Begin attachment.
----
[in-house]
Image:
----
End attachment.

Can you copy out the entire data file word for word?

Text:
[in-house]
Image: